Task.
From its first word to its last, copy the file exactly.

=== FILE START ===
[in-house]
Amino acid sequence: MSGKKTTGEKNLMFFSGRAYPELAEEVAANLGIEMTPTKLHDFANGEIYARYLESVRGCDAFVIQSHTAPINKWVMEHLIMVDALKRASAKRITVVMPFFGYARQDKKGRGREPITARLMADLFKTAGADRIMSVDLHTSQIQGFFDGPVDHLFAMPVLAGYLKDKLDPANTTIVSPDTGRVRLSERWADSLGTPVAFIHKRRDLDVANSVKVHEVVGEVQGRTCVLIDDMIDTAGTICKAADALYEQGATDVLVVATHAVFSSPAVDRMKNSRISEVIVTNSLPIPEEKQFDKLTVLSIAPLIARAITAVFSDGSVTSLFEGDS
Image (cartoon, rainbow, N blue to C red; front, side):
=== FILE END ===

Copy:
[in-house]
Amino acid sequence: MSGKKTTGEKNLMFFSGRAYPELAEEVAANLGIEMTPTKLHDFANGEIYARYLESVRGCDAFVIQSHTAPINKWVMEHLIMVDALKRASAKRITVVMPFFGYARQDKKGRGREPITARLMADLFKTAGADRIMSVDLHTSQIQGFFDGPVDHLFAMPVLAGYLKDKLDPANTTIVSPDTGRVRLSERWADSLGTPVAFIHKRRDLDVANSVKVHEVVGEVQGRTCVLIDDMIDTAGTICKAADALYEQGATDVLVVATHAVFSSPAVDRMKNSRISEVIVTNSLPIPEEKQFDKLTVLSIAPLIARAITAVFSDGSVTSLFEGDS
Image (cartoon, rainbow, N blue to C red; front, side):